Han Han (L) and Fang Zhouzi
He began by denying, criticizing and challenging a widely-circulated online statement which claimed that his works were ghostwritten.
He followed up by promising a reward of 20 million yuan (US$3.17 million) to anyone offering conclusive proof of the ghostwriting claims and also filed a lawsuit for which he gathered a thousand of his manuscript pages to demonstrate that he was the sole author of his books and essays.
Yet, after all this, iconic Chinese post-80s writer Han Han, enamored by millions of young fans in the country, has said that he will no longer engage in the "meaningless" argument, which was initiated by the IT blogger "Maitian" and carried forward by critic Fang Zhouzi, renowned as China's "Science Cop" due to his role in exposing the fake credentials and claims of some of the country’s leading academics and businesspeople.
"Thinking in retrospect, as a public figure, my initial reaction was not sufficiently guarded," Han wrote in his blog last Friday (February 3).
He continued: "I will comment no further on the dispute. There are more things to care about, and an argument like this has no real meaning."
Interestingly, In addition to his retreat, the writer, known for his rebellious streak, also appeared to comment on his own fallibility. "The altars for saints will eventually turn into the altars for the dead," he wrote. "I'm only an ordinary person who lives in the media spotlight."
In light of Han's retreat, Fang, one of China's fiercest academic critics, demonstrated that his critical spirit remains undaunted. He said: "Han's trying to escape. He retreated once [from the dispute], but eventually returned. I don't know whether he will be back again." He continued: "He is quite illogical. He writes awkwardly and is unreliable. He forgets his commitments, which he doesn't take seriously at all." Han is the latest in a long line of Fang’s high profile targets. The critic has previously slammed Tang Jun, Microsoft's life-long emeritus Chief Executive Officer, for claiming fake credentials, and Kai-fu Lee, the former head of Google China, for including inaccurate information in his autobiography.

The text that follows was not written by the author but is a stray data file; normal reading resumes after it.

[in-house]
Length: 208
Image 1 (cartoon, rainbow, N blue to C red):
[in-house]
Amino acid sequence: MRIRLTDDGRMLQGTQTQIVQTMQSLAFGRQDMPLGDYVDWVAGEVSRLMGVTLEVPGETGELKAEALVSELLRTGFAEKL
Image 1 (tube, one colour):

During the recent dispute, Han stated more than once that he would not respond to the questions and accusations. However, he continued to engage in the war of words up until last Friday. Some of the points made by Han’s detractors merely served to illustrate how such disputes can blemish even the most established reputation as well as provide moments of light relief.
Referring to one of Han's poems in his first novel, Triple Door, publishing veteran Zhang Fang queried how a person could command such mastery of classical Chinese and still fail the Chinese section of the university entrance exam.
In support of his argument, he pointed to the line which quoted an ancient classical reference to "spring green", which is written in "Triple Door" as, "lying under plums while smelling the flowers again…" However, he failed to realize that it was actually a homophone for, "I'm illiterate, I only know about farming. Want to know who I am? I’m a big dumb ass." The joke reference is well known in post-80s circles.